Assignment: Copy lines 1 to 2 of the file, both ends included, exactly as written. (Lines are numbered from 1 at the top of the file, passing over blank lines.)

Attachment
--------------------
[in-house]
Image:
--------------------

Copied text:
[in-house]
Image: